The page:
Our thoughts on the world rarely change! Endogenous risk builds in the system over long periods of time, eventually becomes unsustainable, then corrects. Generally, everybody wants to blame the correction on some seemingly unforeseeable exogenous event and claim that it is a never before seen and utterly unknowable oddly coloured animal. The builders of the house of cards claim that they can’t be held responsible for the wind that blew it over (again). The build up of risk is forgotten, only the event is to blame.
Not hard to imagine that this cycle, at peak all time global credit outstanding after a decade+ of unprecedented monetary accommodation, might eventually find its exogenous shock. The shock was of course in the form of a pandemic.
And a hell of a shock this one is too. At peak all time credit obligation around the globe, you get a near simultaneous global shock to cash flow on an unprecedented scale, which quickly feeds into a sharp reduction in collateral values as asset prices drop a swift 20-30%; a double whammy on the carrying capacity of all that credit. Inevitably, Central Banks jump in to bail out the owners of assets/providers of loans, taking us from the all-time greatest level of accommodative policy to twice as much again in the matter of days. Then governments jump in on the fiscal side (or is it really CBs jumping over to the fiscal side given the near direct monetization of debt?) and provide even more bailouts for lenders, hidden in plain sight packaged with much smaller support for unemployed workers. The core problem of too much debt, its unsustainability relative to output/cash flow gets worse, but asset holders and lenders don’t need to account for any losses.
Yet, history thus far tells us that the cycle always ends. It is always the same, yet always different. This one comes with the uniqueness of having been, by various measures, one of the longest cycles in history, accompanied by uniquely extreme and coordinated monetary facilitation the world over. Stupid uncapitalized risks that were in the hands of banks last time around, are now in the hands of fiduciary asset managers and even end retail investors. The pandemic shock impact on cash flows to the real economy is maybe even more significant than the correlated home price declines were to the financial sector last time. One never knows, but last time the market recognition of the “problem” commenced in August ’07, was met with an endless array of central bank and government responses, and the end-of-cycle ‘cleanse’ finally ended in March of ’09, with every major bank in the world requiring a bailout along the way. It is ok to be sceptical that, if indeed recent events have triggered the end-of-cycle cleanse, we will have worked that through the system over the period of Feb 23rd to March 23rd. One could equate what we just went through with the top that was put in, and the initial vol expansion, in August 2007. The cyclical highs in vol didn’t occur until 14 months later, and the market lows weren’t in until 19 months later. That seems a reasonable starting point to work around. You can look at a lot of things to try to get your head around that sort of mindset, but 1yr USD/JPY implied volatility makes a good visual, where Aug ’07 and Mar ’20 are spitting images of each other. Just for fun, we’ve also circled the similarities between May ’06 and Dec ’18.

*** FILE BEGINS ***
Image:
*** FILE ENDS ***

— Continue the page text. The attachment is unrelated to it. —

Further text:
Another version of the same concept, this time with SPX Index (in log format) and Fed Funds added. Again, there are some uncanny similarities to the timing. The early market hiccups in May ’06 and December ’18 are both met with the end of Fed rate hiking cycles. The initial turns down from the cyclical SPX highs in August ’07 and March ‘20 are met with quick and accelerating Fed rate cuts. The aggressive Fed actions only temporarily halt/reverse the end-of-cycle risk unwind post August ’07. The unwind continues in stages, met by ever more extreme policy measures to stop/mitigate/reverse it, but in the end the unwind takes place before the market begins its next long term recovery.